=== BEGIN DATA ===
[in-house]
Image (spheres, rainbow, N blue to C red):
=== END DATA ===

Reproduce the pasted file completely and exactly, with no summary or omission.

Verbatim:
[in-house]
Image (spheres, rainbow, N blue to C red):